One simple way to increase the security of a form is to intelligently limit the string length of submitted data. The less characters allowed, the more limited are an attacker's potential array of exploits they can attempt using your form.
The trick of course, is to strike the right balance between limiting potential hacks to your site and usability.
A CAPTCHA test is what I would consider an unnecessary obstacle.
I have excellent vision and a top line monitor yet I sometimes have trouble identifying the obfuscated characters I am expected to type in on some website forms. This lack of usability is simply bad design.
Clever design and a little bit of manual oversight is a better idea in the majority of cases.
Identifying a potentially suspicious form submit by the length of the data submitted in the email field is something that can be done without any user interaction or involvement. It takes a little work to implement but makes for a better user experience.
So how long is an email address?
According to RFC 1034, the maximum length of a domain name cannot exceed 255 characters. The username or local part cannot exceed 64 characters. Plus the @ gives a total of 320 characters.
Allowing a user to enter 320 characters in an email field gives scope to some pretty elaborate XSS hacks. In practice, valid email addresses are much shorter than this.
To establish a practical limit on a suitable length to allow for an email field I needed some data. One of the sites I work on had a nice collection of 50,496 email addresses which I analysed to establish some rules for email length and most importantly, maximum length of the email field.
The distribution of email address lengths conforms to the discreet probability distribution known as the Poisson distribution. This type of distribution would also occur if you were to measure the time in seconds between vehicles passing a fixed point on a road.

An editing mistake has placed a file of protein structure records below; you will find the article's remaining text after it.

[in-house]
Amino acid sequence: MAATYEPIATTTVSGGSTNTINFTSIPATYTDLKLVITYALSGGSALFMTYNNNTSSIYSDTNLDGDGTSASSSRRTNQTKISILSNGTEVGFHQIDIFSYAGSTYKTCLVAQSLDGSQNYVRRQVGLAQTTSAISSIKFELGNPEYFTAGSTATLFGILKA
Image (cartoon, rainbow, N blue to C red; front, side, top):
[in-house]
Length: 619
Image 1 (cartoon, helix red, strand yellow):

The mean of the distribution of email lengths in this case is 23 characters. For the case of the Poisson distribution, the standard deviation is the square root of the mean or 4.8 in this case. If we wanted to allow everything within 5 standard deviations from the mean this would mean 23 + 5 x 4.8 = 47 characters.
In our data sample only 3 addresses exceeded this length so this appears to be a sensible value to use as the maximum length of an email address.
The data is also useful to establish a lower bound on the length of an email address.
There were some very short email addresses, however, none of them were valid. In the sample population of 50,496 email addresses, only 2 were 8 characters long. Thus, to avoid being classed as suspicious, an email address should be at least 8 characters in length.
Using these length rules will mean that about 1 in 16,000 users will be classed as suspicious. At that point you can decide whether to automatically reject their input or provisionally accept it subject to approval by a site administrator. This is an acceptable compromise between usability and security.